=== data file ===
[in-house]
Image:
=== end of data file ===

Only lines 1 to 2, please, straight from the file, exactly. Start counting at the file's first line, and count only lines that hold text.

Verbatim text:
[in-house]
Image: